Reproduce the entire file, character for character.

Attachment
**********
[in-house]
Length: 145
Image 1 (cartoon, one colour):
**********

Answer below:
[in-house]
Length: 145
Image 1 (cartoon, one colour):